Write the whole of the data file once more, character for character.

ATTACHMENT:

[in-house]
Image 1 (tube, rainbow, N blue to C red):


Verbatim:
[in-house]
Image 1 (tube, rainbow, N blue to C red):